In a press briefing today, new DC Police Chief Robert Contee III confirmed that 68 people were arrested by his department after yesterday’s insurrection at the U.S. Capitol building. Five arrests were made for possession of an illegal firearm (one was on Capitol grounds); two arrests were for illegal possession of other weapons; 25 arrests were for curfew violations and unlawful entry; and 36 arrests were for curfew violations. Only one of the individuals arrested was from the District.
Why didn’t DC police arrest anyone simply for unlawful entry of the Capitol building? That’s because arrests did not start there until 6 PM, almost five hours after it was breached by a violent mob.
Two pipe bombs were recovered yesterday, one at the RNC headquarters and one at the DNC headquarters, both of which are near the Capitol building. A cooler with Molotov cocktails was found on the grounds of the Capitol.
Four people died at the riots. One participant was shot by a Capitol Police Officer (there is an investigation under way), and three individuals suffered separate medical emergencies in the area around the Capitol grounds. Roughly 56 DC Police officers were injured, including one officer who was hospitalized after being dragged into a crowd, beaten, and tased.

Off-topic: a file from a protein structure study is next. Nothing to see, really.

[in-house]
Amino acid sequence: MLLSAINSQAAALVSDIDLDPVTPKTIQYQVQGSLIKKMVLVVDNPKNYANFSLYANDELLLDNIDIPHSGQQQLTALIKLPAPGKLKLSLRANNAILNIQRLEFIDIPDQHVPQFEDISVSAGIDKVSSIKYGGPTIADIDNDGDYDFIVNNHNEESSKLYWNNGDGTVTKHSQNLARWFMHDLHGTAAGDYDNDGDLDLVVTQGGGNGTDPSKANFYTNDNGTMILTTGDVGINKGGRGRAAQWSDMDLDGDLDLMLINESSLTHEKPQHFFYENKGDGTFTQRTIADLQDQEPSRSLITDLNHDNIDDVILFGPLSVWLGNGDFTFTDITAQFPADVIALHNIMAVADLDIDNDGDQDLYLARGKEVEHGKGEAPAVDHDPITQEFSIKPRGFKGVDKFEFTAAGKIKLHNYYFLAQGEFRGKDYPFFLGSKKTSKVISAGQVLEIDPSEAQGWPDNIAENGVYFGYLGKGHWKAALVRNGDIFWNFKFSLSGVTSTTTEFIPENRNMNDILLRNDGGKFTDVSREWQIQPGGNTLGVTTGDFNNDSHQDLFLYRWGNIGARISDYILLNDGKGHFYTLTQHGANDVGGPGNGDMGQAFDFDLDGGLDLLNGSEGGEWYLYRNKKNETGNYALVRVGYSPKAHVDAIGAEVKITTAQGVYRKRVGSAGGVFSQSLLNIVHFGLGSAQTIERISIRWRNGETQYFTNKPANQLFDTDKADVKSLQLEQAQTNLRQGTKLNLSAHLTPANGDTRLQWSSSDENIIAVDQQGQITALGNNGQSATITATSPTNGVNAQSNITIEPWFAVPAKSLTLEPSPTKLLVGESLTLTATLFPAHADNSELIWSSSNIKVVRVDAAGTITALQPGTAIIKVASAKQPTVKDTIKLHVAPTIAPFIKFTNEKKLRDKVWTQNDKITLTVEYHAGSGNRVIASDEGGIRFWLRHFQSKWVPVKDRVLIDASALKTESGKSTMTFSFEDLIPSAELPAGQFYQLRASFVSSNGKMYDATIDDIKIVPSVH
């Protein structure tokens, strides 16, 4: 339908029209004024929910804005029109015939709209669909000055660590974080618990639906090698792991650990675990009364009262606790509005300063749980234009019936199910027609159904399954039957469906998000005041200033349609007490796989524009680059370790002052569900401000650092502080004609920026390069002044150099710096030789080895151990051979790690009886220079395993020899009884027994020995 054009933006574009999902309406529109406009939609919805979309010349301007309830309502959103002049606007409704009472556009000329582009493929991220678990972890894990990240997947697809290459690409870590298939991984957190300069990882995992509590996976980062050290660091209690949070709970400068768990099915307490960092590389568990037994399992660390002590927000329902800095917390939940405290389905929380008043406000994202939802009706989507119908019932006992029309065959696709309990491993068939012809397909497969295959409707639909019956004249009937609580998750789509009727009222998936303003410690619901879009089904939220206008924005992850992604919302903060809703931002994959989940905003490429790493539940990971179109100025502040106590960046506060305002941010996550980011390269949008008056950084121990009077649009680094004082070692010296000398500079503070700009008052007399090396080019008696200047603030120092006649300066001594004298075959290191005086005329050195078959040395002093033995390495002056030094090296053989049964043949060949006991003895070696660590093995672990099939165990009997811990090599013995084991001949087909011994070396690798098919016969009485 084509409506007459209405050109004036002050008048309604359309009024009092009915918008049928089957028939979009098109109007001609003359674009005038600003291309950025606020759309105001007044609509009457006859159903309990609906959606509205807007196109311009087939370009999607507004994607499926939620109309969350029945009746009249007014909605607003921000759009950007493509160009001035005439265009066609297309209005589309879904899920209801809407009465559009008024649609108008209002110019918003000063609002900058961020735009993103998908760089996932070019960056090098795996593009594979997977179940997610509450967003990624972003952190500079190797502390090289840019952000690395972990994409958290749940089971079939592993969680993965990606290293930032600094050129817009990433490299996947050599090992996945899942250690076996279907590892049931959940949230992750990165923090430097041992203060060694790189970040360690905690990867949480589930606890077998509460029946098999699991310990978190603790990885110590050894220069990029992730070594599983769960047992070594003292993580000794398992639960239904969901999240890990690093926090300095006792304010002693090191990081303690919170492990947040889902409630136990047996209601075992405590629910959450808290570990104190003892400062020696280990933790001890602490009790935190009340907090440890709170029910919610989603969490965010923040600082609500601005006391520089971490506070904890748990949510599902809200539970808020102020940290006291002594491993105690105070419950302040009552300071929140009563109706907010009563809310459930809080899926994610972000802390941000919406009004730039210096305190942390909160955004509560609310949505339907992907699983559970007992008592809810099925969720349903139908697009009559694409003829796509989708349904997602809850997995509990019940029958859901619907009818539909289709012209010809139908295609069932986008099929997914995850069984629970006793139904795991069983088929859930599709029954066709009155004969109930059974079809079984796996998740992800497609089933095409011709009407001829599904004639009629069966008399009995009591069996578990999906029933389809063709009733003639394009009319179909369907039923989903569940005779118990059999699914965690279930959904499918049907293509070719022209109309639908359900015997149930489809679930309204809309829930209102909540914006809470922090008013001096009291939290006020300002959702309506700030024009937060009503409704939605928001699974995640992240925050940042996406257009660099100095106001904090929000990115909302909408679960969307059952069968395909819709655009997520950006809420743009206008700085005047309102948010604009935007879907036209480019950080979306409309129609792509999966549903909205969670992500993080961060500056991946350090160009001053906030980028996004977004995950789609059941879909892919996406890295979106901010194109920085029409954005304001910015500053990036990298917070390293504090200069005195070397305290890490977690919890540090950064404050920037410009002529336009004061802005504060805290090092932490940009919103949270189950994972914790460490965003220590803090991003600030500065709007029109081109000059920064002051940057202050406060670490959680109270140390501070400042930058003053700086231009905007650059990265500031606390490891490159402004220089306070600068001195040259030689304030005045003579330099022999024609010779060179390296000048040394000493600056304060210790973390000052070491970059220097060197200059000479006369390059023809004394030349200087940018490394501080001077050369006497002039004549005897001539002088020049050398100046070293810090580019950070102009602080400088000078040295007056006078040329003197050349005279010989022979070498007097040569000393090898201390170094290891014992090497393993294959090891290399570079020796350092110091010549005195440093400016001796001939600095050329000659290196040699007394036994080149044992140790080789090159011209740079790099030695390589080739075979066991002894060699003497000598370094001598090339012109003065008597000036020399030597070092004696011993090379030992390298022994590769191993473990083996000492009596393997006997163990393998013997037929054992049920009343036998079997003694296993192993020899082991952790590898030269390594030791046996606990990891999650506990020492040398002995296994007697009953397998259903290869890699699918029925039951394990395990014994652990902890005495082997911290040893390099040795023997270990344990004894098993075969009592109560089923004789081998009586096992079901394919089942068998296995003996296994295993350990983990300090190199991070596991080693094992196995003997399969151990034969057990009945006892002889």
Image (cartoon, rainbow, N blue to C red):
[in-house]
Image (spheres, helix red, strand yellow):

Contee said the arrests took so long and were so few in number because the situation at the Capitol was “out of control” and needed to be secured before any arrests could be made. The Capitol is federal property and not under the jurisdiction of DC Police, so legally Contee’s department couldn’t assist until they were asked to do so by the Capitol Police. The department’s presence was not requested until 1 PM. Though DC Mayor Muriel Bowser called up the DC National Guard days ago in preparation for this event, she could not legally deploy it to the Capitol or any other federal jurisdiction.
Contee claims that DC Police had no intelligence suggesting there would be a breach of the Capitol, though rioters publicly discussed planning for such an attack on public message boards, as Washingtonian’s Andrew Beaujon reported Tuesday. Beaujon even contacted the Capitol Police about his findings. Their response: “…the United States Capitol Police has comprehensive security plans in place and we continuously monitor and assess new and emerging threats, with the overall goal of keeping those within the Capitol Complex safe and secure.”